Wednesday, December 21, 2016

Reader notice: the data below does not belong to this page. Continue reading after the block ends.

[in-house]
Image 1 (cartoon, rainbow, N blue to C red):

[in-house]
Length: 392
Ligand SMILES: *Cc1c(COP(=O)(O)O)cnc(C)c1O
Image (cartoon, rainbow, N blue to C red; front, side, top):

Dr. Dennis Doc" Hallford, of Las Cruces, NM, passed away Tuesday, December 13, 2016 after a lengthy illness. He was born February 11, 1948 in Abilene, TX to the late Tommy L. and Tiny Hallford. He was a graduated of Abilene Cooper High School and Tarleton State University (Stephenville, TX.), where he earned his B.S. degree in General Agriculture. After teaching one year at Tarleton, he married his college sweetheart, Marilyn Williams, and earned his Masters and PhD in animal science at Oklahoma State University. In 1975, he embarked on an illustrious career at New Mexico State University in the Department of Animal and Range Sciences. He retired in June 2016 after 41 years of teaching research and service at NMSU. He served as supervisor of the West Sheep Unit and the Endocrinology Lab, was chair of the Institutional Animal Care and Use Committee for 25 years and member and chair of the Radiation Safety Committee for 32 years, as well as on numerous departmental, college, university, and professional committees. He served as advisor to 62 graduate students and was author or co-author of over 600 refereed journal articles, proceedings and abstracts on endocrine influences on reproductive functions in domestic animals, particularly sheep. Among his numerous honors were being named "Regents Professor" and "Distinguished Achievement Professor". He received the NMSU Cardinal Key Honor Society's "Outstanding Teacher of the Year" in only his second year at the university. Other recognitions include College of Agricultural, Consumer, and Environmental Sciences Distinguished Teaching, Distinguished Research and Distinguished Service awards, Burlington Northern Foundation Faculty Achievement Award for Excellence in Classroom Teaching, Robert L. Westhafer Award for Excellence in Teaching, Donald C. Roush Award for Excellence in Teaching, Gamma Sigma Delta's Distinguished Graduate Teaching Advisement Award, Western Section, American Society of Animal Science (WSASAS) Distinguished Teaching Award and WSASAS Service Award. He was also awarded both the NMSU University Research Council's Outstanding Researcher honor and Award for Exceptional Achievement in Creative Scholarly Activity. Doc was named Outstanding Alumni from the College of Agriculture at Tarleton State University and the Oklahoma State University Department of Animal Sciences "Advanced Degree Graduate of Distinction. He served as faculty advisor of the Aggie Rodeo Association, Block and Bridle Club, Animal and Range Sciences Graduate Student Association and Pre-Vet Club. Students named him "Outstanding Club Advisor", while NM Wool Growers presented him with their Amigo Award and the NMSU Environmental Health and Safety Office their "Friend of Safety" award. Dr. Hallford was also named one of Top 20 animal science professors in the country and Who's Who Among American Teachers.. He was a member of the American Society of Animal Science, Sigma Xi, Phi Kappa Phi, and Gamma Sigma Delta, Honor Society of Agriculture. Dennis is survived by his wife, Marilyn, daughter and sonin-law, Amy and Brian Kord, and granddaughters, Shelby and Sophie, all of Las Crueses. He is also survived by numerous nieces and nephews, and cousins. A memorial service honoring Dennis' life will be held in January, 2017. In lieu of flowers, the family asks that donations be made to the "Dr. Dennis (Doc) and Marilyn Hallford Endowed Fund" in care of NMSU Foundation, MSC 3590, Las Cruces, NM 88003